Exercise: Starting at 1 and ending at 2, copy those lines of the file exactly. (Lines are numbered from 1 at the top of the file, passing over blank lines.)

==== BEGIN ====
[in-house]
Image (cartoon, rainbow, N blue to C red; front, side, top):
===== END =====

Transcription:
[in-house]
Image (cartoon, rainbow, N blue to C red; front, side, top):